5. Seasonal variability of the inorganic carbon system in a large coastal plain estuary

    Directory of Open Access Journals (Sweden)

    A. Joesoef

    2017-11-01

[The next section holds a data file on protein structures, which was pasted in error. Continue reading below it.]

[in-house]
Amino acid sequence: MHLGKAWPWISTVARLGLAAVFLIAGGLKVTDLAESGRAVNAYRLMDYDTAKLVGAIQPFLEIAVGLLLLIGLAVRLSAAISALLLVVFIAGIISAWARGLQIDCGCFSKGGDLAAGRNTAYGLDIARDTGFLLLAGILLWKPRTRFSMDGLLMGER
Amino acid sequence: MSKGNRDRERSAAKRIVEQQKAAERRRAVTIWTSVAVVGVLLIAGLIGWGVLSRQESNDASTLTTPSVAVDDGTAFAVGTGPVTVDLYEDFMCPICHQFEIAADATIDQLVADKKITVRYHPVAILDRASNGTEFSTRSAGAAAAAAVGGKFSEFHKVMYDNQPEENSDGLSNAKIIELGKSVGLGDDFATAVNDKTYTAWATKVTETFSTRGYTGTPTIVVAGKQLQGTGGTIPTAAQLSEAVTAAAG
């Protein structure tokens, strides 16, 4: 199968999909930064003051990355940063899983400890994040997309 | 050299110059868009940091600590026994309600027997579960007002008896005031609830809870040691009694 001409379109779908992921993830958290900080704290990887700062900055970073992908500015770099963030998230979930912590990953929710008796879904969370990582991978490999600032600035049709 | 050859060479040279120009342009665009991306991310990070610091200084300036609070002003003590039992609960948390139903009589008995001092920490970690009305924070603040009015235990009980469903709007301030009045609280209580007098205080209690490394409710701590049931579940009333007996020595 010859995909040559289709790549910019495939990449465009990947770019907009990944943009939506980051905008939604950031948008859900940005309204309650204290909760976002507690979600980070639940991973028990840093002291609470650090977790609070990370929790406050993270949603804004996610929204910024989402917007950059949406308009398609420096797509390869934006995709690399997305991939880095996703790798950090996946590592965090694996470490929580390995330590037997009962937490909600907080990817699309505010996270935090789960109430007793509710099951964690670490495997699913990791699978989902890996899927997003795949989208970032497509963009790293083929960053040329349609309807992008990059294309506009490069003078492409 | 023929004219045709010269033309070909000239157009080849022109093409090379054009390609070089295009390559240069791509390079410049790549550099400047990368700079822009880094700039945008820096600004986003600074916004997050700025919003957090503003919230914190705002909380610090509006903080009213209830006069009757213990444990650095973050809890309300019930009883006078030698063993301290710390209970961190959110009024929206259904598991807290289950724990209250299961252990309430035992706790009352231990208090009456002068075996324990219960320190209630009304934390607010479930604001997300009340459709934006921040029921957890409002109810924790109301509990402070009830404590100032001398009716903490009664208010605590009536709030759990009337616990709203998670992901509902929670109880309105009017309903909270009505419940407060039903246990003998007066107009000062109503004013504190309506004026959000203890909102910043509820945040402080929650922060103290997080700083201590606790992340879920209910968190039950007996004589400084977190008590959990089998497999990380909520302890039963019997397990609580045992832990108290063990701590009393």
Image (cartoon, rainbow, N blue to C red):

Full Text Available Carbonate geochemistry research in large estuarine systems is limited. More work is needed to understand how changes in land-use activity influence watershed export of organic and inorganic carbon, acids, and nutrients to the coastal ocean. To investigate the seasonal variation of the inorganic carbon system in the Delaware Estuary, one of the largest estuaries along the US east coast, dissolved inorganic carbon (DIC, total alkalinity (TA, and pH were measured along the estuary from June 2013 to April 2015. In addition, DIC, TA, and pH were periodically measured from March to October 2015 in the nontidal freshwater Delaware, Schuylkill, and Christina rivers over a range of discharge conditions. There were strong negative relationships between river TA and discharge, suggesting that changes in HCO3− concentrations reflect dilution of weathering products in the drainage basin. The ratio of DIC to TA, an understudied but important property, was high (1.11 during high discharge and low (0.94 during low discharge, reflecting additional DIC input in the form of carbon dioxide (CO2, most likely from terrestrial organic matter decomposition, rather than bicarbonate (HCO3− inputs due to drainage basin weathering processes. This is also a result of CO2 loss to the atmosphere due to rapid water transit during the wet season. Our data further show that elevated DIC in the Schuylkill River is substantially different than that in the Delaware River. Thus, tributary contributions must be considered when attributing estuarine DIC sources to the internal carbon cycle versus external processes such as drainage basin mineralogy, weathering intensity, and discharge patterns. Long-term records in the Delaware and Schuylkill rivers indicate shifts toward higher alkalinity in estuarine waters over time, as has been found in other estuaries worldwide. Annual DIC input flux to the estuary and export flux to the coastal ocean are estimated to be 15.7 ± 8.2